You want to improve your English speaking skills, but you don’t have any native speaking friends around. You wish you were speaking to a real person, but instead you just flip through a vocabulary book.

We all heard the common advice on learning the second language.

“Imitate the native speakers.”

But what if:

  • You don’t have any native speaking friends.
  • You are too busy to go to a language institute
  • You just need to practice your speaking skills for a specific occasion – an interview, negotiation, or presentation – but you do not need it on a daily basis.

Don’t worry.

You can improve your English speaking skills, even when you are practicing alone.

Yes, there are Skype lessons and that’s one option. But there is a practice method that interpreters use to acquire native speakers’ accent and intonation.

It’s called, shadowing.

Shadowing is when you listen to a speaker and repeat exactly what he or she said. For example, you find one of Steve Job’s presentations on Youtube, and you can repeat after him as you listen to his speech simultaneously, or a phrase by phrase.

But if you just repeat without paying attention to your diction, it’s not going to be as effective.

That’s why I adapted and devised the Shadowing SOG Technique, so that you can truly hone your skills and get the native speaker’s accent and intonation.

The letters SOG stand for sound, one at a time, and guess. S-O-G. It’s a framework you need to use to effectively monitor your shadowing process. Each one of these has a specific training goal, and I’ll explain what they are and what they stand for.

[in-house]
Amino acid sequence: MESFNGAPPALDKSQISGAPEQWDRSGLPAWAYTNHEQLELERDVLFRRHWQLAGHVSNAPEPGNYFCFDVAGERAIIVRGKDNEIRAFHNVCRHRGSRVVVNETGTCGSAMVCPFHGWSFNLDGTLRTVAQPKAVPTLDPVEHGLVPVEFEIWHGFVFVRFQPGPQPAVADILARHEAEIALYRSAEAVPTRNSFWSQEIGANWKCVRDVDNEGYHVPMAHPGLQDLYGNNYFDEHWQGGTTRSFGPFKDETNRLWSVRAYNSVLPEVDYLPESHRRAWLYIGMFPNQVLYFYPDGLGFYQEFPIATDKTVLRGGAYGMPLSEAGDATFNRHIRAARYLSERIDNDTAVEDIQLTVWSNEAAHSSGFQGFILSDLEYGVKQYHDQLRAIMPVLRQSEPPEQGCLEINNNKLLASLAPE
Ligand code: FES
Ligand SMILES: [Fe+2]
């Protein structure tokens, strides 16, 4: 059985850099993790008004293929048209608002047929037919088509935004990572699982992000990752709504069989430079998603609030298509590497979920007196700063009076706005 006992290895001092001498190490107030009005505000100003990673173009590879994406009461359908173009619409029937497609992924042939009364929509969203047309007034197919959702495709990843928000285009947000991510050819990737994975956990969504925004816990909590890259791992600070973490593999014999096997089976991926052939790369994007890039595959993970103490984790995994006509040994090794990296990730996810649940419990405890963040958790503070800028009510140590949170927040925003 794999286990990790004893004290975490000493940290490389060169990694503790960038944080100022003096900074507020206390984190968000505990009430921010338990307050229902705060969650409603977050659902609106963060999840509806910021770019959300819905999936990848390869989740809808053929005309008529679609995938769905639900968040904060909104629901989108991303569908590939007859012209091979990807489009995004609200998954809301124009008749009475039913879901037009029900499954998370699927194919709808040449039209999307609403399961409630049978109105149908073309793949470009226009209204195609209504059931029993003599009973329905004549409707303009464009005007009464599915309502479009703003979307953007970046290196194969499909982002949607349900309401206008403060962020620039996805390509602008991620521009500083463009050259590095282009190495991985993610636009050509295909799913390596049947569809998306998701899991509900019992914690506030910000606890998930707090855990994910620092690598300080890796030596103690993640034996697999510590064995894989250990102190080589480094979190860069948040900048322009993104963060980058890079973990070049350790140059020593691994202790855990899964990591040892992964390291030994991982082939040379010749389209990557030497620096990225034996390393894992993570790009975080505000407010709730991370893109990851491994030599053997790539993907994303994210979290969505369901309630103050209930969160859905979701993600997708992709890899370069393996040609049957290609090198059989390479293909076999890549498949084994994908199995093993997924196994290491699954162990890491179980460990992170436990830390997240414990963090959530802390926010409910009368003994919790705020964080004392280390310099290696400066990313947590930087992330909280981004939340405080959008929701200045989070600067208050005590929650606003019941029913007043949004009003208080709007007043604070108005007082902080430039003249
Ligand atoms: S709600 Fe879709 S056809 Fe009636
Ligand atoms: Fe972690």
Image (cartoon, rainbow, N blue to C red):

Watch the video in Korean!


The first goal of shadowing is to be able to mimic the intonation. You are training your ability to perceive and reproduce the same sound and melody of the English language.

When you learn to play music on an instrument, such as violin, playing the right notes is not enough. You also have to connect each note and play them smoothly, just like your teacher.

Learning English through mimicry is the same concept. Notice where the speaker puts the emphasis, and where she pauses. Where does the sentence rise in pitch? When does it go lower? How about the rhythm? When does the speaker rush through a sentence, and where does the speaker slow down? You’ll discover the speaker’s speech pattern.

Before you start to analyze the meaning of each word, start with a focus on the sound. If you need to, it’s ok to start and stop the Youtube video or the audio player to double check whether you’ve heard the audio correctly. It’ll be challenging at first, but over time you’ll get the gist of it.


After you go through several iterations of this practice, you can then focus on comprehension and learning the words the speaker uses. Here comes the O part of the shadowing SOG technique. The letter O stands for one phrase at a time.

You will play the video or the audio, hear a phrase or sentence, pause the player, and repeat the phrase or sentence out loud.

On the surface, you might be doing the exact same thing you were doing in the first step. But instead of focusing on the sound this time, you are focusing on your comprehension, memorizing a chunk of words and phrases with their meanings in mind, and adding them to your active vocabulary set.

In the second step, you want to understand, say the longer sentences, and memorize them.

Memorizing and saying phrases once or twice won’t be enough for you to make them a part of your active vocabulary set. You need to do kind of practice periodically so that it will engrain these phrases in your memory. You will then be able to recall and use them in your conversations later. You will also feel more confident when you are able to speak in longer, well-structured sentences.